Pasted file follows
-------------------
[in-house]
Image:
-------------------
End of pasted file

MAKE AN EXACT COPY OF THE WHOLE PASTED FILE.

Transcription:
[in-house]
Image: